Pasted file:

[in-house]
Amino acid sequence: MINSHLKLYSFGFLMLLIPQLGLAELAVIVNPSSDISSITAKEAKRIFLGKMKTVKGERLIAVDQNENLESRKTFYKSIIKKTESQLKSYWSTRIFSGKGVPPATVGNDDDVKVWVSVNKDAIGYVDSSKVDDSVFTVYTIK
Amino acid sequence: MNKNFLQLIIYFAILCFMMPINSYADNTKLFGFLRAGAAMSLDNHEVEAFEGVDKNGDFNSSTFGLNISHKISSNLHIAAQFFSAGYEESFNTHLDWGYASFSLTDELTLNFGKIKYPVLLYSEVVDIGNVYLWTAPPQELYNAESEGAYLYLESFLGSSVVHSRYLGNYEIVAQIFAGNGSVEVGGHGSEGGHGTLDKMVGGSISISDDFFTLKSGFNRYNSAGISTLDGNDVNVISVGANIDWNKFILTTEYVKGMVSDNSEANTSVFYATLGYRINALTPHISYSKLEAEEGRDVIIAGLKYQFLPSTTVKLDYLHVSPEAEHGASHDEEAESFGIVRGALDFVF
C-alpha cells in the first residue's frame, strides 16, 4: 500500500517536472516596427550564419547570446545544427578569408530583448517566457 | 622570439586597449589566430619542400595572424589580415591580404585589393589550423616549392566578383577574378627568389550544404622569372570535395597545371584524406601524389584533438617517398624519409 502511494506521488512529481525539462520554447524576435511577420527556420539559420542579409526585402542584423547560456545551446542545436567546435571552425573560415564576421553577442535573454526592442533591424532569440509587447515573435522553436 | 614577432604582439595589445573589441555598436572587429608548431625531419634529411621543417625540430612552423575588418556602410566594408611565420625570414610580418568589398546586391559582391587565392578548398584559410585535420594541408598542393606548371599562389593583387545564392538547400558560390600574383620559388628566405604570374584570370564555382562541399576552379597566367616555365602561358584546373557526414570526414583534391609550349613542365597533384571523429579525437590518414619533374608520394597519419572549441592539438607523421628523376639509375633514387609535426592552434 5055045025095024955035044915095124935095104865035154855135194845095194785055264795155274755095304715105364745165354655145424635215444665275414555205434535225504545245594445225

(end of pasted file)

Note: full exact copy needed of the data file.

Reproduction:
[in-house]
Amino acid sequence: MINSHLKLYSFGFLMLLIPQLGLAELAVIVNPSSDISSITAKEAKRIFLGKMKTVKGERLIAVDQNENLESRKTFYKSIIKKTESQLKSYWSTRIFSGKGVPPATVGNDDDVKVWVSVNKDAIGYVDSSKVDDSVFTVYTIK
Amino acid sequence: MNKNFLQLIIYFAILCFMMPINSYADNTKLFGFLRAGAAMSLDNHEVEAFEGVDKNGDFNSSTFGLNISHKISSNLHIAAQFFSAGYEESFNTHLDWGYASFSLTDELTLNFGKIKYPVLLYSEVVDIGNVYLWTAPPQELYNAESEGAYLYLESFLGSSVVHSRYLGNYEIVAQIFAGNGSVEVGGHGSEGGHGTLDKMVGGSISISDDFFTLKSGFNRYNSAGISTLDGNDVNVISVGANIDWNKFILTTEYVKGMVSDNSEANTSVFYATLGYRINALTPHISYSKLEAEEGRDVIIAGLKYQFLPSTTVKLDYLHVSPEAEHGASHDEEAESFGIVRGALDFVF
C-alpha cells in the first residue's frame, strides 16, 4: 500500500517536472516596427550564419547570446545544427578569408530583448517566457 | 622570439586597449589566430619542400595572424589580415591580404585589393589550423616549392566578383577574378627568389550544404622569372570535395597545371584524406601524389584533438617517398624519409 502511494506521488512529481525539462520554447524576435511577420527556420539559420542579409526585402542584423547560456545551446542545436567546435571552425573560415564576421553577442535573454526592442533591424532569440509587447515573435522553436 | 614577432604582439595589445573589441555598436572587429608548431625531419634529411621543417625540430612552423575588418556602410566594408611565420625570414610580418568589398546586391559582391587565392578548398584559410585535420594541408598542393606548371599562389593583387545564392538547400558560390600574383620559388628566405604570374584570370564555382562541399576552379597566367616555365602561358584546373557526414570526414583534391609550349613542365597533384571523429579525437590518414619533374608520394597519419572549441592539438607523421628523376639509375633514387609535426592552434 5055045025095024955035044915095124935095104865035154855135194845095194785055264795155274755095304715105364745165354655145424635215444665275414555205434535225504545245594445225